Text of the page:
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Once you’ve completed your CNA training program, the real fun begins. In order to start work as a CNA within a health care facility, you must first sit for and pass a two-part certification examination. The two primary exam modules include a theoretical/written exam and a clinical/hands-on exam. While each of these modules are designed to fully delve into the knowledge base of aspiring CNAs, the process of taking and passing each portion is vastly different. If you’re almost done with your CNA training program, or if you’re interested in learning more about the requirements of becoming a CNA, then you’ll want to continue reading this informative article. Of course, you may obtain state-specific examination information by contacting your State Board of Nursing, who oversees the training and certification of CNAs.

Written Examination Information

Did you know that far more people fail the written portion of an examination than the clinical portion? The reason for this may be because test taking is a skill learned, not a natural skill, and physically demonstrating your knowledge is far easier than passing a written test (see here). Regardless, if you wish to work as a CNA, you must successfully pass the conceptual knowledge portion of the exam.

While the exact elements covered within the written examination can vary from state-to-state, there are several universal tips that apply for any exam within the United States.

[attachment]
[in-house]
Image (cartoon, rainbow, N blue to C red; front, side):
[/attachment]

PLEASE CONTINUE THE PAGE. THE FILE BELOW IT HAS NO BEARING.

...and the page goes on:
Multiple Choice – The written examination is completed by answering questions in a multiple choice fashion. The exam presents a particular scenario, and the test taker must select the appropriate answer out of several possibilities. If you aren’t familiar with multiple choice exams or you wish to strengthen your test taking abilities, then you should complete several multiple choice practice exams. Typically, the written examination consists of 70 questions that cover three primary topics, which are discussed below.
Physical Care Skill Portion – This portion of the written examination covers three primary sub-topics within the realm of caring for patients. These topics may include: Activities of Daily Living, such as dressing and grooming; hygiene; waste elimination; nutrition and hydration; and, rest/comfort topics. The next portion typically covers basic nursing skills, such as: infection control; therapeutic procedures; data collection; reporting procedures; and, safety/emergency protocols. The last topic of this portion tends to cover restorative skills, such as: self-care topics and prevention skills.
Psychosocial Care Skill Portion – This portion of the written examination generally covers two primary topics, which include: Emotional and mental health needs of a patient; spiritual and cultural needs of a patient.
Role of a CNA – This portion covers topics that ensure aspiring CNAs fully understand their roles and responsibilities within the nursing process. Generally, this exam portion covers four primary topics, which include: communication; client/patient rights; ethical and legal behaviors; and the role of a CNA within the entire health care team.

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